Reducing investment ownership restrictions, protecting intellectual property rights (IPR), and leveling the playing field for US companies operating in China were the key messages that a delegation of US-China Business Council (USCBC) board directors delivered in meetings with PRC Premier Wen Jiabao and other senior PRC government officials on November 1 in B
China Market Intelligence
In an apparent effort to build on the special campaign on intellectual property rights (IPR) completed earlier this year, the State Council announced on November 9 that it would establish a new "leading group," or multiagency task force, to coordinate interagency efforts to tackle IPR infr
US companies in China are modifying their human resources (HR) strategies to address increasingly complex PRC labor policy requirements, according to a recent study conducted by the US-China Business Council (USCBC).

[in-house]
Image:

The US-China Business Council (USCBC) recently released two new reports that track progress and continued restrictions in two high-profile advocacy areas: foreign investment and indigenous innovation.
Small- and medium-sized enterprises (SMEs) have long been seen as central to promoting innovation in developed economies, and the PRC government now appears to be embracing this concept as well.
The PRC government recently announced leadership changes in key financial services agencies, including the China Banking Regulatory Commission (CBRC), the China Securities Regulatory Commission (CSRC), and the China Insurance Regulatory Commission (CIRC).
PRC leaders recently shed light on how China intends to incorporate foreign investment into its goals for developing strategic emerging industries.
Protecting intellectual property rights (IPR) continues to be one of the biggest challenges companies face in China.
The National People's Congress (NPC) 11th Standing Committee recently reviewed several proposed amendments to laws that could affect enterprises in the natural resources sector as well as companies concerned with human resources issues.
The US-China Business Council (USCBC) recently conducted more than 20 interviews with representatives at member companies on their interactions with Chinese state-owned enterprises. This is the third story in a series of three on those interviews.